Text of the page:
On 30 November this year, the Securities and Exchange Board of India (SEBI) came out with a circular revising the hours of trading in agricultural derivatives to between 9 am and 9 pm. Till now, the trading hours were 9 am to 5 pm.
SEBI had already allowed trading in agri-processed commodities from 9 am to 9 pm, while in metals, trading continues up to 11.30 pm when it is United States daylight saving, and 11.55 pm if it is not the daylight saving period.
Usually, SEBI’s decisions are received with a mixed reaction. This decision, too, met with the same fate, though those against the move seemed to have got more mileage. Before we go into the merits of SEBI’s decision, let us look at the commodities that are being traded.
Commodities are actively traded on three exchanges, Multi Commodity Exchange (MCX), National Commodities and Derivatives Exchange (NCDEX), National Multi Commodity Exchange (NMCE), Hapur Commodity Exchange, and Indian Commodity Exchange Limited (ICEX).
A slew of commodities is being traded on these three exchanges with the total turnover in October being 8.7 per cent higher, at Rs 6.89 lakh crore, compared to the same period a year ago. In 2017-18 fiscal, turnover on commodity exchanges dropped nearly 8 per cent to Rs 60.22 lakh crore.
This being the scenario, SEBI seems to be sincere in its efforts to try and find out if extending the trading time can help. But some of the traders and representatives in the sector have protested vehemently against the move. They have come up with a couple of arguments to make their case.
One, they say farmers cannot be expected to be trading from 9 am to 9 pm as it would affect their routine. Two, traders say that when the spot market, which is the reference that derivatives markets draw up on, is closed, how can the futures market function? Third, by keeping open their offices and terminals till 9 pm, they would stand to incur more overheads. Fourth, participation of small traders, who interact more with farmers, will not be possible when they close their shop by 6 pm. Fifth, those who are against the move say it would lead to speculation. And sixth, it will benefit foreign entities more.
How far are these arguments valid? First, let us see about the argument that the farmer’s routine will be affected. Say, a farmer works from morning to evening and most probably gets rest from around 5 pm. When the farmer is engaged in farm work from morning to evening and is holding a produce that he expects to fetch a good price for, isn’t it prudent that the farmer sell that at leisure. More so, in the evening when he has no worry about tending his farm?
Also, farmers don’t simply land up in the market with their produce until and unless they have liquidity problems. With mobile phones coming in handy, farmers usually call up one of the traders at the mandi or terminal market. If the prices are up to his expectations, he takes a decision to sell. Remember, today’s farmer has access to all tools of price information, and he is fully aware of the price he should get.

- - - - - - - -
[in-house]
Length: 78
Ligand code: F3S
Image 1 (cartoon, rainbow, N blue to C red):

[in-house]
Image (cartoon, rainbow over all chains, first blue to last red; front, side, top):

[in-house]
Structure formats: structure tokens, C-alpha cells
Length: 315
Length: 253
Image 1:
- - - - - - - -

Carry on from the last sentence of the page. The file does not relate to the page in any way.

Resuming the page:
Second, the argument that there is no reference point when the spot market is closed doesn’t cut it. This is because in most terminal markets, farmers wind up their sales by 11 am. However, the electronic National Agriculture Market concept is catching up. Once the infrastructure is in place and the current teething problems are overcome, farmers should and could have more choices even in the timing of their sale.
Third, traders say they will have to incur additional overhead costs by keeping their terminals or centres open till 9 pm. True, but seen the other way around, wouldn’t they get additional business if they are open for four more hours and ensure they make optimal use of their resources?
Five, the view that this move will lead to speculation is laughable. Is trading in derivatives and options speculation, though armed with data that indicate the possible direction the price of commodities will take?
Also, markets in the US become fully functional around 7.30 pm Indian time. Indian commodity price trend now reflects prices abroad, and in case of some agricultural produce, it even rules higher. In such circumstances, shouldn’t a grower or farmer be given an opportunity to get more for his produce?
The sixth argument that foreign entities will benefit isn’t valid. Foreign entities could be looking to buy from here. For example, India is the leading exporter in castor oil. So, based on the higher demand for oil, if someone looks to hedge his bet on castor seed, is there anything wrong? And wouldn’t farmers be assured of a higher price going forward?
Leaving all that aside, how many farmers are really active in the derivatives market? Pointing fingers at farmers for one’s own laziness or laidback attitude won’t do. On the other hand, SEBI’s contention that it will benefit farmer producer organisations seems valid.
What the SEBI has done is not anything new. The Indian commodities sector has been already trading in metals until almost midnight and in agri-processed commodities till 9 pm. Now, agricultural commodities join the list.
Products are processed from produce. A produce will certainly gain if the products of user industries rise. It also points to higher demand. Why should a farmer be denied of a higher price if he were to get it by the extension of trading hours?
On its part, SEBI should be open to the views and suggestions put forward by the traders. If indeed trading suffers on account of extended timing, it can take remedial measures, going for a case-by-case examination. Until then, it would be better to let SEBI have its way.
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